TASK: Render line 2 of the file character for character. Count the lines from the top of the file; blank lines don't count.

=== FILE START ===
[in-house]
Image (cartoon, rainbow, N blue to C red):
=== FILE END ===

Image (cartoon, rainbow, N blue to C red):